Reagan and Gorbachev were leaders difficult to classify. Reagan, said Kissinger, “was different. Not like the others. Sui generis. I cannot explain him”. Although considered by many to be an intellectual lightweight, Adelman defines him as a man “of surprising depth and dexterity on the critical issues of his day”. He, adds Adelman, “thought and intended in grand terms”. But, equally important, as the book shows, he was a man of intense human qualities, including a great sense of humor and a warm personality.
Gorbachev was also a leader sui generis. Reviled at home and revered abroad. He was a totally different kind of Soviet leader. Serge Schmemman, a Soviet specialist is quoted by Adelman describing Gorbachev as “smiling, charming, gregarious and complete with an elegant, educated and cultured wife”. Although his record was far from perfect, says Adelman, mentioning the bloodsheds in Lithuania and Afghanistan, he deserved great credit for allowing a peaceful dissolution of the Soviet empire and for his performance at Reykjavik.
What was discussed and accomplished in Reykjavik? Adelman lists several areas of negotiation: arms control on nuclear weapons, the Strategic Defense initiative, the ABM Treaty and nuclear testing. These were the “solid” components of the talks. A strategic component of the meeting was related to the ending of the cold war while a personal realm, that of Gorbachev and Reagan as two interacting human beings was a third aspect, probably the most important one.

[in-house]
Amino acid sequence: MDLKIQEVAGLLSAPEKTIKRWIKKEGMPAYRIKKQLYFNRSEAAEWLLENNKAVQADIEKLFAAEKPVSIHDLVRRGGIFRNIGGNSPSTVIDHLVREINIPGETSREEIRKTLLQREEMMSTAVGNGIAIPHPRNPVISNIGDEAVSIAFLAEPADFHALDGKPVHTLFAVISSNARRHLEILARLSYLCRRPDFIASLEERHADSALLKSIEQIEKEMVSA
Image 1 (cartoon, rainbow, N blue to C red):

In the substantive component of arms reduction some dramatic breakthroughs were obtained: intermediate missiles were reduced to zero in Europe and Asia; a 50% reduction of strategic nuclear weapons was agreed as well as overall cuts in nuclear arms. In the more conceptual area of ending the cold war there is little doubt that the weekend at Reykjavik helped considerably. Gorbachev, quoted by Adelman, said: “Reykjavik marked a watershed “resulting in the the elimination of the cold war and removal of the world nuclear threat”. Reagan called it “a major turning point”.